Blue Black leads to Red and Yellow

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The New York Times had an article recently about the artist Glenn Ligon, who has curated an exhibition titled “Blue Black” at the Pulitzer Arts Foundation in St. Louis. The exhibition will feature 54 works by 42 artists, including Mr. Ligon himself, and will focus on the topic of “… power dynamics, spirituality and the blues as a state of mind.”

It was a trio of pictures from the exhibition that caught my attention, however – I thought it was an interesting selection of works to pair together (from left): Carrie Mae Weems, “Blue Black Boy,” (1997); Kerry James Marshall, “Untitled (policeman)” (2015); and Andy Warhol, “Liz #4” (1963). The common denominator of image colors is the obvious tie here, but the subject matter of these three images in particular could definitely open up a number of conversations about several topics.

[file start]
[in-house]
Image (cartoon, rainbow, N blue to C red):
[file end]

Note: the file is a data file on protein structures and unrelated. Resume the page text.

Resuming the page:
Blue Black exhibition at the Pulitzer Arts Foundation

At this point, however, rather than dive deeper into the exhibition concept (since you can do that by reading the Times article), I wanted to have some fun from a curatorial standpoint. I like what Ligon has done by putting these three images together, and I wanted to see if I could play the role of virtual curator and come up with some interesting pairings in other colors.

Here’s a trio of red seated figures, from left: Otto Dix, “Portrait of the Journalist Sylvia von Harden,” (1926); Chaim Soutine, “Le Groom,” (1925); and Picasso’s “Saltimbanque Seated with Arms Crossed,”(1923).

paintings by Otto Dix, Chaim Soutine and Pablo Picasso

Here’s my yellow group, at top: Giorgio de Chirico, “The Dream Turns,” (1913); bottom left: Roy Lichtenstein, “Yellow Still Life,” (1974); and bottom right: Jan Davidsz De Heem, “Still Life with a wine glass, lemon peel, peaches, grapes and cherries on the corner of a partly draped wooden table,” (1643).

paintings by De Chirico, Roy Lichtenstein, and Jan Davidsz De Heem

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